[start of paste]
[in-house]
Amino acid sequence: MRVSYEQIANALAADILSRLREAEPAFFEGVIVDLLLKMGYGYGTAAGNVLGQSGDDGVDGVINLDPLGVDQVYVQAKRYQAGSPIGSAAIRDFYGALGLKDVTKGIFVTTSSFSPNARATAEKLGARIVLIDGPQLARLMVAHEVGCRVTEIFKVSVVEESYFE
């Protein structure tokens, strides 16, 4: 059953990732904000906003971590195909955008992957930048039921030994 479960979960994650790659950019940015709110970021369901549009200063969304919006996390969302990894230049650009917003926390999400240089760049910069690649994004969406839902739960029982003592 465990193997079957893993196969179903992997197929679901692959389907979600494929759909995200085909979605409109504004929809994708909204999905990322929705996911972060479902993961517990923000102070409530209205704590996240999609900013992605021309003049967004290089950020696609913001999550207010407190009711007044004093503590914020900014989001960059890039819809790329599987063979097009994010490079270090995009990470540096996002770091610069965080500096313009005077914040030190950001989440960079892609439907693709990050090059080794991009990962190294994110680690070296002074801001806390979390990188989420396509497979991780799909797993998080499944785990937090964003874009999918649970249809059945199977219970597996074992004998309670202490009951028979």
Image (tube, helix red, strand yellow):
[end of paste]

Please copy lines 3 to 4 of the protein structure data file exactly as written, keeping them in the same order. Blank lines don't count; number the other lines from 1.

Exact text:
């Protein structure tokens, strides 16, 4: 059953990732904000906003971590195909955008992957930048039921030994 479960979960994650790659950019940015709110970021369901549009200063969304919006996390969302990894230049650009917003926390999400240089760049910069690649994004969406839902739960029982003592 465990193997079957893993196969179903992997197929679901692959389907979600494929759909995200085909979605409109504004929809994708909204999905990322929705996911972060479902993961517990923000102070409530209205704590996240999609900013992605021309003049967004290089950020696609913001999550207010407190009711007044004093503590914020900014989001960059890039819809790329599987063979097009994010490079270090995009990470540096996002770091610069965080500096313009005077914040030190950001989440960079892609439907693709990050090059080794991009990962190294994110680690070296002074801001806390979390990188989420396509497979991780799909797993998080499944785990937090964003874009999918649970249809059945199977219970597996074992004998309670202490009951028979």
Image (tube, helix red, strand yellow):